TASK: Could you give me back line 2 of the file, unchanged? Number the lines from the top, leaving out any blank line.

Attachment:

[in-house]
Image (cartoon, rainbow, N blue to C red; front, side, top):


Image (cartoon, rainbow, N blue to C red; front, side, top):